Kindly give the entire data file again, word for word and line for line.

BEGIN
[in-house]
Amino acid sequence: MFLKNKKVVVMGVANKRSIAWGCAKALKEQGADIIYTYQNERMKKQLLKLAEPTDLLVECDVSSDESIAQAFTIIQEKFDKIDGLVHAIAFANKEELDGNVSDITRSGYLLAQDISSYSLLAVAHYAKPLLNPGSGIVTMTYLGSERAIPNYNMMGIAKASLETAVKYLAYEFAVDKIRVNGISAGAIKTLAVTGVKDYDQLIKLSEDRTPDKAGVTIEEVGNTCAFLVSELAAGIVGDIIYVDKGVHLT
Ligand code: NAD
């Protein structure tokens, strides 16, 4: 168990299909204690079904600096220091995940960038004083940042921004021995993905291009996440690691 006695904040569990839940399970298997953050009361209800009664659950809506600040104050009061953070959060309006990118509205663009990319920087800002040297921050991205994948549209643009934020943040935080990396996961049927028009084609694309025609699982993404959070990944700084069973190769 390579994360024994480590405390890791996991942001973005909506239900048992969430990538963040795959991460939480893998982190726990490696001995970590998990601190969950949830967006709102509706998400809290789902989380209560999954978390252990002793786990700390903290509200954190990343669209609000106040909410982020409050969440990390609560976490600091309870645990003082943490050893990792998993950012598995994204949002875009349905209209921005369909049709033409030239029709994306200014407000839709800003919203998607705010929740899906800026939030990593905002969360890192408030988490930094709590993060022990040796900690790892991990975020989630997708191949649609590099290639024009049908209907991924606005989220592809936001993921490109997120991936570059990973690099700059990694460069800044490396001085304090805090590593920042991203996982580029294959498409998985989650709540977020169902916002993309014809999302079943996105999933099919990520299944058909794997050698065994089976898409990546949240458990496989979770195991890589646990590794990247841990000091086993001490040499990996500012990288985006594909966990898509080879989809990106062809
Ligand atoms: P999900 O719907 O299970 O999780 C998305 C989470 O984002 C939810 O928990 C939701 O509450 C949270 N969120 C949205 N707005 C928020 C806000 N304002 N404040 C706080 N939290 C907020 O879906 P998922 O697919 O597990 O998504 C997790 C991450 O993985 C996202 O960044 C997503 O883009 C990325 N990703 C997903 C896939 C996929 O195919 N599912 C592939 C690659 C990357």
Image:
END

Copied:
[in-house]
Amino acid sequence: MFLKNKKVVVMGVANKRSIAWGCAKALKEQGADIIYTYQNERMKKQLLKLAEPTDLLVECDVSSDESIAQAFTIIQEKFDKIDGLVHAIAFANKEELDGNVSDITRSGYLLAQDISSYSLLAVAHYAKPLLNPGSGIVTMTYLGSERAIPNYNMMGIAKASLETAVKYLAYEFAVDKIRVNGISAGAIKTLAVTGVKDYDQLIKLSEDRTPDKAGVTIEEVGNTCAFLVSELAAGIVGDIIYVDKGVHLT
Ligand code: NAD
């Protein structure tokens, strides 16, 4: 168990299909204690079904600096220091995940960038004083940042921004021995993905291009996440690691 006695904040569990839940399970298997953050009361209800009664659950809506600040104050009061953070959060309006990118509205663009990319920087800002040297921050991205994948549209643009934020943040935080990396996961049927028009084609694309025609699982993404959070990944700084069973190769 390579994360024994480590405390890791996991942001973005909506239900048992969430990538963040795959991460939480893998982190726990490696001995970590998990601190969950949830967006709102509706998400809290789902989380209560999954978390252990002793786990700390903290509200954190990343669209609000106040909410982020409050969440990390609560976490600091309870645990003082943490050893990792998993950012598995994204949002875009349905209209921005369909049709033409030239029709994306200014407000839709800003919203998607705010929740899906800026939030990593905002969360890192408030988490930094709590993060022990040796900690790892991990975020989630997708191949649609590099290639024009049908209907991924606005989220592809936001993921490109997120991936570059990973690099700059990694460069800044490396001085304090805090590593920042991203996982580029294959498409998985989650709540977020169902916002993309014809999302079943996105999933099919990520299944058909794997050698065994089976898409990546949240458990496989979770195991890589646990590794990247841990000091086993001490040499990996500012990288985006594909966990898509080879989809990106062809
Ligand atoms: P999900 O719907 O299970 O999780 C998305 C989470 O984002 C939810 O928990 C939701 O509450 C949270 N969120 C949205 N707005 C928020 C806000 N304002 N404040 C706080 N939290 C907020 O879906 P998922 O697919 O597990 O998504 C997790 C991450 O993985 C996202 O960044 C997503 O883009 C990325 N990703 C997903 C896939 C996929 O195919 N599912 C592939 C690659 C990357």
Image: